There’s more to learning a new language than the language itself. In order to be productive, you need to memorize a big chunk of the standard library and be aware of most of the rest of it. For example, if you know C#, you can pick up Java-the-language quite quickly, but you won’t really get up to speed until you are comfortable with the Java Class Library as well.

Similarly, you can’t really be effective in F# until you have some familiarity with all the F# functions that work with collections.

In C# there are only a few LINQ methods you need to know1 (Select, Where, and so on). But in F#, there are currently almost 100 functions in the List module (and similar counts in the Seq and Array modules). That’s a lot!

1 Yes, there are more, but you can get by with just a few. In F# it’s more important to know them all.

If you are coming to F# from C#, then, the large number of list functions can be overwhelming.

So I have written this post to help guide you to the one you want. And for fun, I’ve done it in a “Choose Your Own Adventure” style!

What collection do I want?

First, a table with information about the different kinds of standard collections. There are five “native” F# ones: list, seq, array, map and set, and ResizeArray and IDictionary are also often used.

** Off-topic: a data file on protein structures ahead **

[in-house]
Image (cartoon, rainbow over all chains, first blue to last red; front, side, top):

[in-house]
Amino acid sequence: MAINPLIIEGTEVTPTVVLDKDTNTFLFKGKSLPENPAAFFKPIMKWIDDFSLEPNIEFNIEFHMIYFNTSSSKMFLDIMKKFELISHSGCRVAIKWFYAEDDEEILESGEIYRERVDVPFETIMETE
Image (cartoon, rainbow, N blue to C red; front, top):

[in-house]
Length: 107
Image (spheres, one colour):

Immutable? Notes
list Yes Pros:
  • Pattern matching available.
  • Complex iteration available via recursion.
  • Forward iteration is fast. Prepending is fast.
Cons:
  • Indexed access and other access styles are slow.
seq Yes

Alias for IEnumerable.

Pros:
  • Lazy evaluation
  • Memory efficient (only one element at a time loaded)
  • Can represent an infinite sequence.
  • Interop with .NET libraries that use IEnumerable.
Cons:
  • No pattern matching.
  • Forward only iteration.
  • Indexed access and other access styles are slow.
array No

Same as BCL Array.

Pros:
  • Fast random access
  • Memory efficient and cache locality, especially with structs.
  • Interop with .NET libraries that use Array.
  • Support for 2D, 3D and 4D arrays
Cons:
map Yes Immutable dictionary. Requires keys to implement IComparable.
set Yes Immutable set. Requires elements to implement IComparable.
ResizeArray No Alias for BCL List. Pros and cons similar to array, but resizable.